image © University of IllinoisThirty-three people gathered in the University of Illinois at Chicago Student Center on October 22 to participate in a regional design meeting of the ARL strategic thinking and design process. “The future of the research library is intertwined with the future of higher education and the preservation of cultural memory broadly. It therefore made sense to the ARL Board of Directors to design the future of our association with broad community participation,” said ARL Executive Director Elliott Shore. “We are grateful to the Institute of Museum and Library Services (IMLS) for its generous support of these meetings.”
image © nathanmARL’s strategic thinking and design process kicked off with an invigorating regional design meeting, led by consultant Ann Pendleton-Jullian and hosted by the University of Minnesota on October 1. Meeting participants included almost 30 thought leaders from ARL member libraries, the broader library community, and higher education. The meeting was convened by three of the four co-chairs of the strategic design coordinating committee: Tom Hickerson (Calgary), Wendy Lougee (Minnesota), and Elliott Shore (ARL). Susan Nutter (North Carolina State), the fourth co-chair, was unable to attend but she did participate in the first design studio in Washington, DC, on October 29. Tom Hickerson opened the Minneapolis meeting, noting that this is an “exciting opportunity to engage in a creative process” that should impact the entire library profession.
Last year, ARL’s New Role for New Times report, Transforming Liaison Roles in Research Libraries (PDF), by Janice M. Jaguszewski and Karen Williams, identified six trends in the organization and practices of leading research libraries and the changing work of liaison librarians. One of those trends is the effort by research libraries to “create and sustain a flexible workforce.” Building a flexible workforce includes a variety of methods to “transform” a library’s workforce, including hiring new staff with new expertise, as well as committing to develop a more agile “legacy workforce.” (p. 14)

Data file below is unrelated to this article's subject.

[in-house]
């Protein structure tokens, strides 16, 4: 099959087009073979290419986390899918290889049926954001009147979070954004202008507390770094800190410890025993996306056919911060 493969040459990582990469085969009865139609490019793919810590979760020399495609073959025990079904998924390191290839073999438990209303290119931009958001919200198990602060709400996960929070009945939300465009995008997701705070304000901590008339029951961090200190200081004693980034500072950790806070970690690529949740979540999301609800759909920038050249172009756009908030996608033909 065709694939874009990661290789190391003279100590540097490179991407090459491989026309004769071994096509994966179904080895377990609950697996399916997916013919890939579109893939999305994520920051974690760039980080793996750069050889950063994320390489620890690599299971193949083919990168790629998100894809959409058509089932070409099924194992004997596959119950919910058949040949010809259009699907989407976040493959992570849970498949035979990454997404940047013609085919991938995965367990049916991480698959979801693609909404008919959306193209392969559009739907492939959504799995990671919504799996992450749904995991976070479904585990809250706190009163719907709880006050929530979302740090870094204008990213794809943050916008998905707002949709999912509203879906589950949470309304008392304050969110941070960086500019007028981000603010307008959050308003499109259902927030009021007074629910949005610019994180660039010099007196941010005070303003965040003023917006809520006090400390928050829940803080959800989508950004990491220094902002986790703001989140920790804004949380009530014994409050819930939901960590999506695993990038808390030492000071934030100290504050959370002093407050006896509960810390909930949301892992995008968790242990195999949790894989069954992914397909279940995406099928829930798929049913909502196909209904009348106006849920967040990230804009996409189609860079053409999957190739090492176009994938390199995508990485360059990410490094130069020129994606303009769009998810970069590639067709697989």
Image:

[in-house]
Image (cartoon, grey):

I have held a series of administrative positions at Oklahoma State University (OSU) since 1978 and have been dean of libraries since 2004. During that time we have experienced a number of changes and in 2012 the OSU Library looked to be thriving. We had adopted technology to enhance collections and improve services. We had been a development partner with Summon and were in a similar role with Intota. We consistently received positive survey results and comments for our services and collections. Our building was heavily used by students. For most of my staff and many of my librarians, the library looked healthy and robust. We were clearly not stagnant, but I had a strong sense that many librarians had not yet acknowledged how precarious our future was in research libraries. Staff members who did not have opportunities to attend professional meetings or the time to read the professional literature were unaware of the danger we were in. They did not fully comprehend how the transformations in technology, scholarly communication, and higher education would change their work, nor did they recognize how the competitive challenges from Google and others could make our traditional services irrelevant.
For centuries, library work has been about building collections, and then managing them. More recently, the emphasis shifted to discovery and access, which in turn led to an emphasis on instruction and information literacy initiatives. In some sense, one could create a cogent argument that the combination of services and collections will sustain our work for the foreseeable future. However, it also seems that this same argument will not facilitate innovation or necessarily help us provide the much-needed shift to “value beyond discovery.”
When University of Maryland professor of sociology Philip Cohen was asked recently to consult with a graduate student on a journal article revision, the student had two challenges to satisfy his reviewers. The first challenge had to do with the complex use of GIS and geocoding; the reviewers wanted to see a particular deployment of GIS in the student’s US Census tract maps. The second challenge involved the use of census data itself. Professor Cohen easily offered advice on the latter and tried to think where the student could find help with GIS. No need, the graduate student assured him. The student had visited the campus library and gotten exactly the consultation he needed to incorporate GIS in his article revision.